Genetic tests offer a peek into every aspect of who you are. But can you handle the truth?

By Jeanne Erdmann
Illustration by Scott Bakal

Buying an at-home genetic test is a lot like taking a trip in a time machine (crazy professor not required). You can rocket back to the past and find out about your ancestors, return to the present to discover how your DNA impacts your sleep schedule, or travel to the

future to understand your disease risk. And just like in  the movies, that trip might end up being a rocky ride. 

While there are plenty of heartwarming stories of reunited families circulating the interwebs, scary headlines about questioned parentage, denied life insurance policies and genetic information theft abound too. “DNA testing has made it possible to know more about yourself and your family than ever before,” says Brianne Kirkpatrick, genetic counselor and founder of Watershed DNA. “But before undergoing testing, you might want to ask yourself, ‘Am I ready for everything it might reveal or expose me to?’ ”

ast year, I was ready. Despite the potential pitfalls (I know my dad was unfaithful—more on that later) curiosity won out and I stepped into my personal time machine. By just spitting into a tube, putting it in the mail and clicking around online, I’ve learned about everything from how well I handle alcohol to why I’m prone to allergies to who else is in my family tree. I also learned the limitations of these tests and how to best approach the entire process. 

Every genetic examination—whether you order it online, buy it from a drugstore or do it at your doctor’s office—starts the trip of a lifetime, with much to consider along the way. Allow me to share some advice as you decide whether to make the journey.

Tip One: Resolve To Ditch Regret

No matter what your test results, don’t panic that you missed out on being the next Mozart. While studies have found markers for musical ability, for example, that doesn’t mean a genetic test can predict whether you could’ve been a piano prodigy. “Genetics is really just one piece of the puzzle,” says Mary Freivogel, immediate past president of the National Society of Genetic Counselors. “Environment and lifestyle play big roles too. How predictive these tests are at this point is fairly limited.” And, hey, even if it’s too late to train for Wimbledon, companies like FitnessGenes design genetically tailored home workouts based on how your body metabolizes food and reacts to different types of exercise.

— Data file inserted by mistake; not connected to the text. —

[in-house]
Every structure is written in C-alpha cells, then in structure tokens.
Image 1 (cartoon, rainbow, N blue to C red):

Tip Two: Realize that Risk Is Complicated…

Even a high-risk genetic mutation (like a BRCA) doesn’t mean you’ll definitely get breast cancer. “You’re at significantly increased risk, but it’s not 100%,” says Erynn Gordon, genetic counselor and vice president of clinical operations for Genome Medical. “We certainly see patients who carry one of those mutations and never develop cancer.” On the flip side, you can test negative for the BRCA gene markers and still be diagnosed with breast cancer. “These tests aren’t black or white. All they show is potential risk,” says advanced genetic nurse Suzanne Mahon, a professor of internal medicine at Saint Louis University Cancer Center. “I always tell patients they are trading one unknown for the other.” 

Similarly, 23andMe, for example, tracks some—but not all—genes associated with late-onset Alzheimer’s and Parkinson’s disease, among others. Testing negative simply means you have none of those variants—but you could have others. 

Tip Three… And So Is Genealogy

Each company groups ancestries uniquely, says genetic genealogist CeCe Moore, because they use different reference populations and varying ways of calculating results. For example, while Ancestry melds Italy with Greece into a main region, 23andMe lists Italy separately. “People write to me and say, ‘My parents must not be my parents because my test says I don’t have 50% Italian.’ But the test will say they have 50% southern European, which to me means the same thing,” says Moore.